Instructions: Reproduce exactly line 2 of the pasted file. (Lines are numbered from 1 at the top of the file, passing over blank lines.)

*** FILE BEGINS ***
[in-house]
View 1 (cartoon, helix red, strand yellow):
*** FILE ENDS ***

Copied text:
View 1 (cartoon, helix red, strand yellow):